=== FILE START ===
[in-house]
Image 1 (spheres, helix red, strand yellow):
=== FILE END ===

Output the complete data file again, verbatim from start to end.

[in-house]
Image 1 (spheres, helix red, strand yellow):